Was this what you thought of? Wrong BAMN!

Was this what you thought of? Wrong BAMN!

Unless you were locked in your room these past few weeks with only instant ramen and soda for company, you probably heard of (or witnessed) a recent sensational event at Cal that once again made affirmative action a hot topic of debate.

One of the common critiques we heard from our fellow humanities compatriots was that coverage of the bake sale became more about the spectacle than the issue of affirmative action itself. If you support affirmative action or you are looking to gain insight on either side of the issue in a more comprehensive way, BAMN will be hosting a forum entitled “UC Berkeley: Case for Affirmative Action and Overturning Prop 209” on Tuesday Oct. 11 at 7 p.m. in 102 Wurster Hall. read more »


4261182609_fed4dbaf07What are the odds that, whilst some students are suing the UC for giving minorities the proverbial shaft, Berkeley would end up on the receiving end of a donation promoting multiculturalism to the tune of $16 million?

The timing of the Evelyn and Walter Haas Jr. Fund in aiming to “make minority students feel more welcome on campus” could not, in at least this regard, be more oddly appropriate. Intended toward sponsoring diversity studies and investigating just how attending a UC impacts students at the lower end of the economic ladder, the Haas family’s gift provides an interesting counterpoint (or, depending on how you look at it, supplement) to the argument behind the civil rights suit filed yesterday in San Francisco.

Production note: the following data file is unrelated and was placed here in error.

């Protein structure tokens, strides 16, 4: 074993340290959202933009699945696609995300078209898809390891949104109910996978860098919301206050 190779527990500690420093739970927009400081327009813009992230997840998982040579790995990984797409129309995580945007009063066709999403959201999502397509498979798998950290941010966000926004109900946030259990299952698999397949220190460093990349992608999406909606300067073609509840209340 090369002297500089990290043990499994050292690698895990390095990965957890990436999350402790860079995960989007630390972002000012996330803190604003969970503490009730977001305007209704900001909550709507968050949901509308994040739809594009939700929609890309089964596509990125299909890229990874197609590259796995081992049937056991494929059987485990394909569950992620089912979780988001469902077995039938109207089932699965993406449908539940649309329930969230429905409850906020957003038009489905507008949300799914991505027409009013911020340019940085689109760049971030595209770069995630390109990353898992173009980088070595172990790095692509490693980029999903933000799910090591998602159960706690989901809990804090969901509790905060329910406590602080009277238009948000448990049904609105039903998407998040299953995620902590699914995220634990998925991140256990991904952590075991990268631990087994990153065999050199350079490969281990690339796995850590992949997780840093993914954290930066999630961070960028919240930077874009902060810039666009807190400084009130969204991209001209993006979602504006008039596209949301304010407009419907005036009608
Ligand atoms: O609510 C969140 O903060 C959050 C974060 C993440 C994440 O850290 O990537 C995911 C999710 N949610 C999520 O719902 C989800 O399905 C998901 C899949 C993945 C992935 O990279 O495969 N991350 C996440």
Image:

At the very least, it’s got Birgeneau all kinds of excited. To begin with, it’s money in the bank—at a point when private donations are no small potatoes (read: the ONLY potatoes) for public universities. Furthermore, the Chancellor isa longtime advocate of increasing the number of black and Hispanic students on his campus,” doncha know.

AND we get new classes, teachers, scholarships, etc. Mazel tov.

*Correction: The image that originally ran with this post featured Robert Haas, poet laureate, rather than Robert D. Haas, foundation trustee and the benefactor in question. The Clog apologizes to both Robert Haases for the confusion.

Image Source: Monica’s Dad under Creative Commons
Haas family gift to boost UC Berkeley diversity studies [Contra Costa Times] via Mercury News


4165476083_d08617ca3d

Do y’all even remember Proposition 209? Some of you must have been such small fries when it was voted into effect in 1996. For a little refresher on your California history, said prop. is responsible for the statewide ban on affirmative action—and it’s got at least one group of people pretty riled up.

Enter a federal lawsuit. Backed up by (deep breath now) read more »